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October 29, 1947 - Image 3

Resource type:
Text
Publication:
The Michigan Daily, 1947-10-29

Disclaimer: Computer generated plain text may have errors. Read more about this.

WEDNESDAY, OCTOBER 29, 1947

THE MICHIGAN IAILY

Wolverines Top Conference in Offense

Iiii

150OPound Team Opens
Against Illinois Saturday

With Michigan's varsity grid-
ders on the road, the number one
attraction in Ann Arbor this week
will be the debut of Coach Cliff
Keen's 150 pound team against
the Illinois lightweights at Ferry
Field Saturday morning.
The contest will be a history-
making affair marking the first
time that the University of Mich-
igan has ever fielded a 150 pound
team and realizing a long-stand-
ing ambition of the Wolverine
athletic staff.
Well Coordinated Machine
The lightweights will be cul-
minating long weeks of tedious
drill and conditioning which be-
gan early in the semester with
a group of disorganized inexperi-
enced men and has slowly become
a smooth-working, well coordinat-
ed grid machine.
Credit for the building of the
DIRECTORY
OUT
MONDAY
$1.00
- - - -_

team must go to Coach Cliff Keen
and his assistant and line coach
George Allen who had only 14
men on the squad with any prev-
ious football experience and only
four men who had ever earned
varsity letters.
Started from Scratch
They began from scratch with
the remainder of the men, first
drilling them on mere fundamen-
tals and then trying to work them
into the team. The success of
their efforts will be apparent Sat-
urday when several of the men on
the team take the field for their
first game oif organized football.
This will be the second contest
on the Illini football calendar.
They will be on the rebound from
a stinging 26-6 defeat at the hands
of a scrappy Wisconsin eleven two
weeks ago.
The defeat was partially attrib-
uted to the fact that the Illini had
only two weeks of practice prior
to the game and were somewhat
disorganized and inexperienced.
This handicap should be remedied
by Saturday, however, and plenty
or rugged competition can be ex-
pected from the lightweights from
Champaign.
It is certain that both teams will
exhibit a fast, deceptive offensive
that will make for an exhibition
of first-class football.

Bi g Nine
Briefs
By The Associated Press
CHAMPAIGN, Ill., Oct. 28 -
Russ Steger, Illinois hard-driving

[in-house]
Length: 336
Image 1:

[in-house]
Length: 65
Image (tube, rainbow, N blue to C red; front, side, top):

fullback, injured his right side
during today's scrimmage in the
mud as the Illini went through a
long drill against Michigan plays.
Steger's injury was not consid-
ered serious and he undoubtedly
will be in shape by Saturday.
Herb Siegert, first string guard
who has a bruised right arm, is
more of a question mark. He kept
Steger company in teh infirmary,
giving his arm the whirlpool
treatment.
EVANSTON, Ill., Oct. 28 -
Northwestern's tackle corps was
further weakened today when
regular Joe Sewell and reserve
Paul Barkal were added to the
crippled list.
One cheering note as the Wild-
cats prepared for Saturday's Big
Nine tangle with Wisconsin here
was the report that center Alex
Sarkisian's broken arm which is in
a cast was further mending. Sar-
kisian played on defense only
against Indiana last Saturday.
* * *
IOWA CITY, Ia., Oct. 28 -
Iowa's football squad resumed
outdoor drills today-rain can-
celled workouts yesterday -and
the Hawkeyes used the period for
a rugged scrimmage.
Head Coach Eddie Anderson
lined up two teams and let them
battle it out, under game condi-
tions, for 20 minutes. However,
most of the varsity backfield
viewed the scrimmage from the
sidelines.

'M' Holds Scoring Edge;
First in Passing, Rushing
Illini Defense Best Among Big Nine Teams;
Rain Forces Wolverine Gridders Indoors
___________ ('_______________________________________

I

With the Michigan-Illinois foot-
ball clash coming up this Satur-
day, a look at comparative statis-
tics released by the Western Con-
ference shows the Wolverines to
have the defensive edge, in passing,
rushing and scoring, while the Il-
lini overshadows Michigan defen-
sively.
Both schools lead the Big
Nine in their respective depart-
ments and each ranks second in
the other department. The
Wolverines have the highest
scoring average, 31 points per
game, four points higher than
the Illini. In the rushing de-
partment, Michigan leads with a
372.5 yard average, more than
70 yards more than second
place Minnesota. Their passing
average also leads the Confer-
ence.
But since statistics don't win fu-
ture games, Michigan's football
squad went through another day's